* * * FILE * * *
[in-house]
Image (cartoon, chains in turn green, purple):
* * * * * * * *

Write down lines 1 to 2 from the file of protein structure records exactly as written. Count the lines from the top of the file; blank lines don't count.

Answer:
[in-house]
Image (cartoon, chains in turn green, purple):